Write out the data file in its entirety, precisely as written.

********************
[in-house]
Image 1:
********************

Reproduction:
[in-house]
Image 1: